Prevalence of colon polyps detected by colonoscopy screening in asymptomatic black and white patients

JAMA. 2008 Sep 24;300(12):1417-22. doi: 10.1001/jama.300.12.1417.

Abstract

Context: Compared with white individuals, black men and women have a higher incidence and mortality from colorectal cancer and may develop cancer at a younger age. Colorectal cancer screening might be less effective in black individuals, if there are racial differences in the age-adjusted prevalence and location of cancer precursor lesions.

Objectives: To determine and compare the prevalence rates and location of polyps sized more than 9 mm in diameter in asymptomatic black and white individuals who received colonoscopy screening.

Design, setting, and patients: Colonoscopy data were prospectively collected from 67 adult gastrointestinal practice sites in the United States using a computerized endoscopic report generator between January 1, 2004, and December 31, 2005. Data were transmitted to a central data repository, where all asymptomatic white (n = 80 061) and black (n = 5464) patients who had received screening colonoscopy were identified.

Main outcome measures: Prevalence and location of polyps sized more than 9 mm, adjusted for age, sex, and family history of colorectal cancer in a multivariate analysis.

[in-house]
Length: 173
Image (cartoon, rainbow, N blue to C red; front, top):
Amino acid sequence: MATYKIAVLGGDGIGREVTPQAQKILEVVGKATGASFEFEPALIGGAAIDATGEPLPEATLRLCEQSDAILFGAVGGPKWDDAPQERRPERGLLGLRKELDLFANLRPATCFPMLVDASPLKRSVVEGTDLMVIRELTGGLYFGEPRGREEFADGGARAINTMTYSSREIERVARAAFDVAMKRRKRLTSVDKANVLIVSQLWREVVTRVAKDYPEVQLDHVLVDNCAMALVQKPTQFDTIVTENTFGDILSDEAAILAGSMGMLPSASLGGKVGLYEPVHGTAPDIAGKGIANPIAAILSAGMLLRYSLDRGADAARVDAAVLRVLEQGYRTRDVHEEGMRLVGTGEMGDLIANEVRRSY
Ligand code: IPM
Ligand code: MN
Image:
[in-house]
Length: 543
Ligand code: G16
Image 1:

Results: Both black men and women had a higher prevalence of polyps sized more than 9 mm in diameter compared with white men and women (422 [7.7%] vs 4964 [6.2%]; P < .001). Compared with white patients, the adjusted odds ratio (OR) for black men was 1.16 (95% confidence interval [CI], 1.01-1.34) and the adjusted OR for black women was 1.62 (95% CI, 1.39-1.89). Black and white patients had a similar risk of proximal polyps sized more than 9 mm (OR, 1.13;95% CI, 0.93-1.38). However, in a subanalysis of patients older than 60 years, proximal polyps sized more than 9 mm were more likely prevalent in black men (P = .03) and women (P < .001) compared with white men and women.

Conclusion: Compared with white individuals, black men and women undergoing screening colonoscopy have a higher risk of polyps sized more than 9 mm, and black individuals older than 60 years are more likely to have proximal polyps sized more than 9 mm.

Publication types

  • Comparative Study
  • Research Support, N.I.H., Extramural
  • Research Support, Non-U.S. Gov't

MeSH terms

  • Adult
  • African Continental Ancestry Group / statistics & numerical data*
  • Aged
  • Aged, 80 and over
  • Colonic Polyps / diagnosis*
  • Colonic Polyps / epidemiology*
  • Colonoscopy*
  • Colorectal Neoplasms / prevention & control
  • European Continental Ancestry Group / statistics & numerical data*
  • Female
  • Humans
  • Logistic Models
  • Male
  • Mass Screening
  • Middle Aged
  • Prevalence
  • Risk
  • United States / epidemiology